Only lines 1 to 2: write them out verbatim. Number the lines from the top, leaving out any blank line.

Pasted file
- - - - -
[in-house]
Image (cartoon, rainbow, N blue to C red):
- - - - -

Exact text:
[in-house]
Image (cartoon, rainbow, N blue to C red):